Also addressed in the bill are: Special Survivor Indemnity Allowance payments, which were due to end this year, but now are permanent for surviving military spouses; troop strength being increased by 20,000, with about ¾ of the number devoted to active duty troops, and the other ¼ devoted to the Reserves; mental health assessments as a part of the separation physical.

Military Connection salutes and proudly serves veterans and service members in the Army, Navy, Air Force, Marines, Coast Guard, Guard and Reserve,  and their families.

Military Connection: VA Expands Sexual Trauma Plan: By Debbie Gregory


On December 1, 2014, the Department of Veterans Affairs (VA) announced expanded eligibility for Veterans in need of mental healthcare, due to military sexual trauma (MST).

MST is the name given to any sexual assault or sexual harassment that occurred to a man or woman during military service. MST could refer to rape, sexual assault, or sexual harassment, but may also include any sexual activity performed against one’s will, either through physical force, threats of negative consequences, implied promotion, promises of favored treatment, or sex without consent due to intoxication.

In 2010, the American Journal of Public Health reported MST rates among U.S. Veterans returning from the recent wars in Iraq and Afghanistan to be 15.1% among female Veterans and 0.7% among male Veterans. But it is widely believed that incidents of sexual trauma are largely underreported in the military community.

Under the authority given to the VA from the Veterans Access, Choice, and Accountability Act of 2014, the VA will expand eligibility for Veterans in need of mental health care due to MST, to include more members of National Guard and Reserve units. This expansion gives the authority to offer Veterans the appropriate care and services needed to treat conditions resulting from MST that occurred during a period of inactive duty training.

VA Secretary Robert McDonald met last week with Ruth Moore, name giver of the Ruth Moore Act of 2013. Moore is a Navy Veteran and MST survivor who was raped twice while in the service. The Ruth Moore Act passed in the House, and is currently in the Senate, and if passed, will make provisions for MST victims, including treatment for PTSD, anxiety and depression.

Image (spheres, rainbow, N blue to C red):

Moore will be working with the VA to ensure that MST survivors are treated fairly and compassionately, and that Veterans who experienced MST have access to medical and psychological care.

The VA is working to ensure that all healthcare services are provided to assist Veterans recovering from experiences of MST. Every VA healthcare facility has an MST Coordinator who serves as a point of contact for MST-related issues.

All VA healthcare resources for mental and physical health conditions related to MST are provided free of charge. Veterans do not need to have a service-connected disability or be seeking disability compensation to be eligible for MST-related counseling and care. Veterans also do not need to have reported such incidents to the Department of Defense, or possess documentation or records to support their assertion of having experienced such trauma. And Veterans don’t need to be enrolled in the VA healthcare system to qualify for MST-related treatment.

Veterans can learn more about the VA’s MST-related services online by visiting

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Military Connection: VA Expands Sexual Trauma Plan: By Debbie Gregory